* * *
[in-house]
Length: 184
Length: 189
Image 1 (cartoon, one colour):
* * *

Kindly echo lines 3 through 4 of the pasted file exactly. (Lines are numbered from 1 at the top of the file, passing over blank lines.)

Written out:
Length: 189
Image 1 (cartoon, one colour):